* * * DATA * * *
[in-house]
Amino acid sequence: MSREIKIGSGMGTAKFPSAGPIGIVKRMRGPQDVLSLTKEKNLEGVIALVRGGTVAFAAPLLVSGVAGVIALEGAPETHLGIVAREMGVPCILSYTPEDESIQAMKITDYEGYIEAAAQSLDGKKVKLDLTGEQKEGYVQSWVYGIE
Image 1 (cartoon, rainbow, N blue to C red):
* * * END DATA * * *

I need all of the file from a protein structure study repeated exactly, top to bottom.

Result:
[in-house]
Amino acid sequence: MSREIKIGSGMGTAKFPSAGPIGIVKRMRGPQDVLSLTKEKNLEGVIALVRGGTVAFAAPLLVSGVAGVIALEGAPETHLGIVAREMGVPCILSYTPEDESIQAMKITDYEGYIEAAAQSLDGKKVKLDLTGEQKEGYVQSWVYGIE
Image 1 (cartoon, rainbow, N blue to C red):